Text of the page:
In fact, however, Yvonne Bivins and I have searched our records and found no links between this Tennessee couple and the multiracial Knights of Jones County, Mississippi (specifically Newton and Rachel Knight). Nevertheless, the similarities are intriguing, and I am posting Steve’s information on his family in hopes that Knight family historians from near and far might recognize a link to their own ancestry and volunteer more information about these particular Knights.

The following are Steve’s own words about his ancestors:

All I know is that when my grandmother, Bradie (Knight) went to Red Boiling Springs (Macon County), Tennessee, she made mention of a relation to her father (Walter Houston Knight). The name she mentioned was “Newt” Knight. I thought that was an odd name until I understood later that it was short for “Newton”; this was long before any research or information was available on the Internet.

“Newt” & Rebecca Knight were the parents of Walter Houston Knight who was my paternal grandmother’s father. I remember standing by my great grandfather (Walter’s) bedside when I was a young boy, we called him “Pappy” Knight. (Walter H. Knight was born in 1880, married to Pennsylvania Piper (Knight) b. 6 Apr 1874 -d. 26 Dec 1939.

My grandmother was so dark skinned with her olive complexion, that we used to question her a lot about it and she would always say that her family was always called “Black Dutch.” I always suspected that she had either Native American or African American ancestry or a combination of the two. Which would all make sense if she is indeed from the Joseph Newton Knight line. She always made mention of her first true love being a “Gypsy” boy, which would have been taboo in a traditional southern “white” family in those days.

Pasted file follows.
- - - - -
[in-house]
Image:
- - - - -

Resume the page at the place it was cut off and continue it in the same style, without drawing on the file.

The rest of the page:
This mix of races could also be the very reason that it is difficult to find any written records as well. I know that many would attempt to conceal any interracial mix in the early days, particularly in the “old south” unless it was to their advantage to be connected with those of a different race, This still stands true today with some of the older folks there.

I know in some cases, for example, African-Americans marrying a Native American would mean they automatically became “free persons of color”, so there was probably much of that going on between the Blacks, Cherokee, Choctaw, etc.

Walter Knight, photo courtesy of Steve Tatum

Walter Houston Knight, photo courtesy of Steve Tatum

If any of  you recognize this line and have additional information or insights to offer, please consider adding a comment!

Vikki

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Amos Deason Home, site of Maj. Amos McLemore's murder, Ellisville, MS. Photo by Victoria Bynum

Amos Deason Home, site of Maj. Amos McLemore's murder, Ellisville, MS. Photo by Victoria Bynum